Exploring teaching Shakespeare with fan fiction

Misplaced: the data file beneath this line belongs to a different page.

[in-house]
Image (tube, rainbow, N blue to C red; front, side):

Although students are exposed to the works of Shakespeare extensively from 9th -12th grade and sometimes at the postsecondary level, teachers are pressed to make the literature relevant and interesting for their classes. Fan fiction, which are stories written by amateurs out of a strong feeling of admiration and appreciation for an existing work, present numerous avenues to engage students with classic literature. I developed a fan fiction website called the Stratford Tattler which reimagines Shakespeare’s characters and world as if they were modern day celebrities which the website covers like an online tabloid. While I wrote fan fiction articles and developed the website, I received feedback, which in turn formed an iterative design. Three university Shakespeare scholars, two high school English teachers, and one legal expert on copyright provided the bulk of the feedback and advice. Over six months, I incorporated their suggestions as the project evolved from trying to build a participatory community to developing a stand-alone learning environment which teachers could readily incorporate in their classroom. The final result includes a website with teacher resources, namely a teacher’s guide with recommendations and lesson plans directed at high school English teachers, along with a model article of fan fiction that stays true to Shakespeare’s original text, a quality that most of the aforementioned experts who participated in the project found necessary for fan fiction to be educational. The teacher’s guide also includes guidelines for avoiding copyright infringement when repurposing existing digital images. Along with these teacher resources, the insights of my participants and my experience writing fan fiction as related in this report hopefully provide a first step toward high school English teachers being create their own fan fiction website and engage students with classic literature.